Chevron Corp. agreed to buy Anadarko Petroleum Corp. in a $33 billion deal that adds U.S. shale oil and African liquefied natural gas and puts it in the top ranks of the world’s largest energy companies.
The takeover puts Chevron neck-and-neck with the oil and gas production of Exxon Mobil Corp. and Royal Dutch Shell Plc, both of which have dominated Big Oil over the past decade. The combined company’s cash flow last year, $36.5 billion, would have exceeded Exxon’s.
“Chevron now joins the ranks of the ultramajors,” Roy Martin, an analyst at Wood Mackenzie Ltd., said in a note.
The $65 per-share stock-and-cash deal announced Friday sees Chevron doubling down on its expansion into the fast-expanding Permian Basin of West Texas and New Mexico, while also increasing its exposure to liquefied natural gas with Anadarko’s project in Mozambique. The new company will sell $15 billion to $20 billion of assets from 2020 to 2022 to reduce debt and return cash to investors.
Occidental Petroleum Corp. had made a $70-per-share bid for Anadarko and it’s now weighing whether to move forward with a counter offer, according to a person familiar with the matter. CNBC reported Occidental’s bid earlier.
Anadarko rose 32 percent to $61.78 in New York, but didn’t trade above the offer price, implying investors don’t expect a bidding war. Chevron fell 4.9 percent, the biggest drop since February last year.
The transaction is the biggest strategic move yet for Michael Wirth, the 58-year-old chemical engineer who became Chevron’s chief executive officer just 14 months ago. He has quickly shaken up the company by announcing an aggressive expansion plan for the Permian.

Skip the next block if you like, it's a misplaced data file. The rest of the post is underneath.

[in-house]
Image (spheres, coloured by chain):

«We will now see Chevron emerging as the clear leader among all Permian players, both in terms of production growth and as a cost leader,» said Per Magnus Nysveen, head of research at consultant Rystad Energy AS in Oslo.
Anadarko, which is based in The Woodlands, Texas, has long been rumored as a takeover target for the world’s largest oil companies, offering a suite of assets including a massive LNG facility in Mozambique that’s racing against Exxon’s project to be the first operating in the country.
The deal is the biggest takeover in the oil and gas industry since Shell’s 47 billion pound ($61 billion) purchase of BG Group in 2015, according to data compiled by Bloomberg. Widening the measure to include chemicals and state-owned companies, both would be eclipsed by Saudi Aramco’s $69 billion acquisition of a majority stake in local petrochemical company Sabic this year.